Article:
Late rain rescue at Koorda

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Cally DupeThe West Australian
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Michelle and Steve Nicholls with their three children Anais, 8, Oliver, 12, and Maya, 10, stand in a promising wheat crop growing just south of Koorda.
Camera IconMichelle and Steve Nicholls with their three children Anais, 8, Oliver, 12, and Maya, 10, stand in a promising wheat crop growing just south of Koorda. Credit: Cally Dupe

Steve and Michelle Nicholls are feeling lucky.

Their mixed farm at Koorda has narrowly avoided the devastating seasonal conditions plaguing many farms in the north-eastern grain belt this year.

Crops were green and growing this month, albeit slowly, fuelled on by late growing-season rainfall the pair initially thought might not come.

Mr Nicholls said the family felt grateful after a 15mm downpour in May, which broke a dry spell and helped push some crops out of the ground.

“We think we will cover costs this year, and could yield between 0.8-1t/ha,” he said.

“Even our crops which have had less rain are looking OK now, they are just very late.”

The Nicholls family have farmed 5000ha across two blocks close to Koorda’s town site since 1978.

On the 4000ha home farm are Steve’s parents Brian and Mary, who are still actively involved in the farm’s operation, while the rest of the family live in town.

As they approached their 14th harvest together this year, Mr Nicholls said he and his wife had discovered a trend.

“The growing season rainfall comes in strips, more often than it did 20-30 years ago,” he said.

“We had a strip of rain that went through in May, which gave us 15mm and sort of saved the season.

“Our crops further north have had a lot less but are just late.”

The Nicholls’ children Oliver, 12, Maya, 10, and Anais, 8, happily inspected paddocks with their parents this month.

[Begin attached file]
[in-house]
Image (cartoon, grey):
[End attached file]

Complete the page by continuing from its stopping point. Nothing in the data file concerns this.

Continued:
The siblings found crops were growing slowly but were free of disease.

The family have been gearing up for this weekend’s Koorda Agricultural Show, with the children set to enter Lego, woodwork, craft, and a range of equestrian events.

After almost no rainfall between April and June, the Nicholls’ farm received 45mm in July and the same in August.

It instilled hope that the family would cover costs and yield between 0.8-1t/ha at harvest.

Crops on the home block have received 110mm of rainfall since the start of the year — considerably less than the farm’s 300mm average.

But Mace wheat crops have been soldiering on through what Mr Nicholls said was a bizarre season.

“While 2002 and 2010 were worse, in terms of rainfall, we have had a longer dry spell this year,” he said. “April, May and June were very dry and slowed the crops down a bit.

“We are just starting to do maintenance for harvest and keeping an eye out and our fingers crossed for rain.”

Most of the crops have had been sprayed with post emergent and nitrogen to help the plants along.

The Nicholls family were just one of many in the north-eastern Wheatbelt looking to the skies on Tuesday as a cold front moved across the region.

While their farm had not received any rainfall on Tuesday, Mr Nicholls said they were hopeful it would come that evening.

As Countryman went to press, the Bureau of Meteorology’s Watheroo Doppler Radar was predicting light to moderate showers in areas surrounding Wubin, Perinjori, Kalannie, and Ballidu.

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